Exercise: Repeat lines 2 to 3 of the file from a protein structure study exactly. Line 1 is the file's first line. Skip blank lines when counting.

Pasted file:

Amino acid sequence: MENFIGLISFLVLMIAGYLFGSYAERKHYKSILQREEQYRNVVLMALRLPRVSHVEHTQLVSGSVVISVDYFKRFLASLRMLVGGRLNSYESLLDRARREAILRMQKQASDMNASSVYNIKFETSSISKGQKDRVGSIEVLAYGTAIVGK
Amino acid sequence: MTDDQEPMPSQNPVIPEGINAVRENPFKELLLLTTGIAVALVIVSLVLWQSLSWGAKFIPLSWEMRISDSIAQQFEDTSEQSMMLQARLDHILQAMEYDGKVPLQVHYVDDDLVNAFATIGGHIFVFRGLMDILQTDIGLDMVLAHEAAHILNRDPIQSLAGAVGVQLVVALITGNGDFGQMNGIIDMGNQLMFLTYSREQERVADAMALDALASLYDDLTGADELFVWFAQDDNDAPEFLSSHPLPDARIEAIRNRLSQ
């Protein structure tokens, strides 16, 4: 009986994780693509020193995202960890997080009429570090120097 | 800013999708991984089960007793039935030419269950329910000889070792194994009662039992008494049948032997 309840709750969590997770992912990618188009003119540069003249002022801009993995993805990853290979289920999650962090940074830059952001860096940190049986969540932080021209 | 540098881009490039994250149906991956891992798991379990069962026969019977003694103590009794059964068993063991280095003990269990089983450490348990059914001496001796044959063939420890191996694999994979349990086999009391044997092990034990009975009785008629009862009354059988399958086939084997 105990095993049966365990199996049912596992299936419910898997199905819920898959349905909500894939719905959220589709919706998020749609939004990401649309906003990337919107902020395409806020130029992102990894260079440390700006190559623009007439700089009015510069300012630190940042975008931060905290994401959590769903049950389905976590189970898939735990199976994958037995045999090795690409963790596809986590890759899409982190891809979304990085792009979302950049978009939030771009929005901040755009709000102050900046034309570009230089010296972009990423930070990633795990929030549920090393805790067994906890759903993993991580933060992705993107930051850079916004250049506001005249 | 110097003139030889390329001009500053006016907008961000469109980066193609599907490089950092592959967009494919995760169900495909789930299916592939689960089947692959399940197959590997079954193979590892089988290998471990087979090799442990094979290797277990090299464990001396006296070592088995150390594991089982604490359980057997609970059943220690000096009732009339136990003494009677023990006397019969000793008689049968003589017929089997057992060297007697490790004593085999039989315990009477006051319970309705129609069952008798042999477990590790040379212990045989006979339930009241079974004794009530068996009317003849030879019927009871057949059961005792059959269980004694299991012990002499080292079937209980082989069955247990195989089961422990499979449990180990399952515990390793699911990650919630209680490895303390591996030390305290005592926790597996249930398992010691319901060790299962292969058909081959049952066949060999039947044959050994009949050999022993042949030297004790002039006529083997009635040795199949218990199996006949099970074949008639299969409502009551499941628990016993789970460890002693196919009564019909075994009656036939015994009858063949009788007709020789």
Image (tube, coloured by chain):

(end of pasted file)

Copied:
Amino acid sequence: MTDDQEPMPSQNPVIPEGINAVRENPFKELLLLTTGIAVALVIVSLVLWQSLSWGAKFIPLSWEMRISDSIAQQFEDTSEQSMMLQARLDHILQAMEYDGKVPLQVHYVDDDLVNAFATIGGHIFVFRGLMDILQTDIGLDMVLAHEAAHILNRDPIQSLAGAVGVQLVVALITGNGDFGQMNGIIDMGNQLMFLTYSREQERVADAMALDALASLYDDLTGADELFVWFAQDDNDAPEFLSSHPLPDARIEAIRNRLSQ
């Protein structure tokens, strides 16, 4: 009986994780693509020193995202960890997080009429570090120097 | 800013999708991984089960007793039935030419269950329910000889070792194994009662039992008494049948032997 309840709750969590997770992912990618188009003119540069003249002022801009993995993805990853290979289920999650962090940074830059952001860096940190049986969540932080021209 | 540098881009490039994250149906991956891992798991379990069962026969019977003694103590009794059964068993063991280095003990269990089983450490348990059914001496001796044959063939420890191996694999994979349990086999009391044997092990034990009975009785008629009862009354059988399958086939084997 105990095993049966365990199996049912596992299936419910898997199905819920898959349905909500894939719905959220589709919706998020749609939004990401649309906003990337919107902020395409806020130029992102990894260079440390700006190559623009007439700089009015510069300012630190940042975008931060905290994401959590769903049950389905976590189970898939735990199976994958037995045999090795690409963790596809986590890759899409982190891809979304990085792009979302950049978009939030771009929005901040755009709000102050900046034309570009230089010296972009990423930070990633795990929030549920090393805790067994906890759903993993991580933060992705993107930051850079916004250049506001005249 | 110097003139030889390329001009500053006016907008961000469109980066193609599907490089950092592959967009494919995760169900495909789930299916592939689960089947692959399940197959590997079954193979590892089988290998471990087979090799442990094979290797277990090299464990001396006296070592088995150390594991089982604490359980057997609970059943220690000096009732009339136990003494009677023990006397019969000793008689049968003589017929089997057992060297007697490790004593085999039989315990009477006051319970309705129609069952008798042999477990590790040379212990045989006979339930009241079974004794009530068996009317003849030879019927009871057949059961005792059959269980004694299991012990002499080292079937209980082989069955247990195989089961422990499979449990180990399952515990390793699911990650919630209680490895303390591996030390305290005592926790597996249930398992010691319901060790299962292969058909081959049952066949060999039947044959050994009949050999022993042949030297004790002039006529083997009635040795199949218990199996006949099970074949008639299969409502009551499941628990016993789970460890002693196919009564019909075994009656036939015994009858063949009788007709020789």